Via the excellent blogs of Dr. Goldacre and The Heresiarch , I read about a new poll by the Rowntree foundation of blessed memory : apparently, religion has become the "new social evil [sic]". How very exciting.
The Times reported the matter (article here) which makes the claims that there was a "widespread belief that faith - not just in its extreme form - was intolerant, irrational and used to justify persecution."
"The researchers found that the "dominant opinion" was that religion was a "social evil"."
Actually, the poll shows nothing of the sort. You can read the study website here, the executive summary here, the complete results here and the "Voices of unheard groups" section here. [The latter is an attempt to compensate for the vast over-representation of white, middle class respondents to the Internet survey, by creating focus groups (with people with LDs, ex-offenders and others). This is discussed in the methodology section.]
The main survey first: there were ~3,500 respondents, with views falling into twelve broad categories, the first 6 described as "dominant", the remainder described as "not dominant but important" . "Religion" comes in at 9, less important than gender equality but more important than immigration (!). However, as is clear from both the summary and the discussion on the main report (pages 30-31), this actually covers both "religion" and "the decline of religion".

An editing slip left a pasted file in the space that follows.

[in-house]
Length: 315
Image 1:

Although the "decline of religion" is the smaller category, the "religion" category covers four areas: "erosion of secularism", "the most divisive agent in our society", "undermining rationalism", and "religious extremism". As the quoted responses show, only the middle two categories exemplify the "religion poisons everything" attitude which the Times article implies is so prevalent. I simply don't think the data justify the statements that "widespread belief that faith - not just in its extreme form - was intolerant, irrational and used to justify persecution.", "Britain has had it with religion", or even that ' "dominant opinion" was that religion was a "social evil".' I also think the Times article would be of more practical value if the word "many" were quantified. Anywhere. The "unheard groups" section told a rather different story*: criticisms of religion were not directed at religious faith, but at "the ways in which religion was organised and practices were felt to be problematic". Unfortunately, this fascinating statement was not quantified nor supported with quotes, so we cannot know which aspects of organisation and practice were so problematic. "Religious extremism" [page 19] predictably comes in for criticism **, but more surprisingly so does "an absence of religious guidance in relation to the challenges of contemporary society". Further, "it was felt that religious leaders across faiths should provide some moral leadership, but that this wasn't happening". In both the studies, it's worth noting that government, the media, and big business come in for criticism as well as religion, but the Times chooses not to mention them. Britons are rather less sceptical about the Great Sky Fairy who Intelligently Designed the World than they are about the Great Socialist Fairy who Intelligently Designed the Economy.
And finally, what article about religion would be complete without a quote from Terry Sanderson of the National Secular Society, who was:
"...extremely pleased.Britain has had it with religion"
I don't understand why someone in favour of a secular society would try alienate people like me, who are religious and support a secular society - but then again, we theists are notoriously stupid.
* It is also desperately sad: I defy anyone to read the whole "Voices of unheard groups" report and not be moved. ** Voices Of Unheard Groups, page 19. Hands up anyone who is in favour of "religious extremism"?